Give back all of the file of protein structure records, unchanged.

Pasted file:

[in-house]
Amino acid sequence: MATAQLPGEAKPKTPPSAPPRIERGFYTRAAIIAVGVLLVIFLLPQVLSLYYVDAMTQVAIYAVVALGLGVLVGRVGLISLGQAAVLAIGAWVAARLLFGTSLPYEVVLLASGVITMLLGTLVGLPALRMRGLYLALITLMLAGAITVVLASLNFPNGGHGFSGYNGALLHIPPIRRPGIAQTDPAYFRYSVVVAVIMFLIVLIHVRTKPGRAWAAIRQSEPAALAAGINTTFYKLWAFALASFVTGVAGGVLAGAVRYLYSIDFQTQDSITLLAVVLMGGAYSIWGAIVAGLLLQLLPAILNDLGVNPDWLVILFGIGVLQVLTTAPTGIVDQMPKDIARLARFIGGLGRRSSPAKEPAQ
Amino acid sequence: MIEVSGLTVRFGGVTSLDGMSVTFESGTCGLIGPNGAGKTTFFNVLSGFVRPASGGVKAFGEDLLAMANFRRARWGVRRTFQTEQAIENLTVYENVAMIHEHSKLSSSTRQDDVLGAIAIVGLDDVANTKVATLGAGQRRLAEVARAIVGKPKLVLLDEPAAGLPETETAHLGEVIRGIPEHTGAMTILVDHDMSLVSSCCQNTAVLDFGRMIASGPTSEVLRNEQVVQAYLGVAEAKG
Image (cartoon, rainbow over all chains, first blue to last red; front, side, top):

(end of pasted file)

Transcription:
[in-house]
Amino acid sequence: MATAQLPGEAKPKTPPSAPPRIERGFYTRAAIIAVGVLLVIFLLPQVLSLYYVDAMTQVAIYAVVALGLGVLVGRVGLISLGQAAVLAIGAWVAARLLFGTSLPYEVVLLASGVITMLLGTLVGLPALRMRGLYLALITLMLAGAITVVLASLNFPNGGHGFSGYNGALLHIPPIRRPGIAQTDPAYFRYSVVVAVIMFLIVLIHVRTKPGRAWAAIRQSEPAALAAGINTTFYKLWAFALASFVTGVAGGVLAGAVRYLYSIDFQTQDSITLLAVVLMGGAYSIWGAIVAGLLLQLLPAILNDLGVNPDWLVILFGIGVLQVLTTAPTGIVDQMPKDIARLARFIGGLGRRSSPAKEPAQ
Amino acid sequence: MIEVSGLTVRFGGVTSLDGMSVTFESGTCGLIGPNGAGKTTFFNVLSGFVRPASGGVKAFGEDLLAMANFRRARWGVRRTFQTEQAIENLTVYENVAMIHEHSKLSSSTRQDDVLGAIAIVGLDDVANTKVATLGAGQRRLAEVARAIVGKPKLVLLDEPAAGLPETETAHLGEVIRGIPEHTGAMTILVDHDMSLVSSCCQNTAVLDFGRMIASGPTSEVLRNEQVVQAYLGVAEAKG
Image (cartoon, rainbow over all chains, first blue to last red; front, side, top):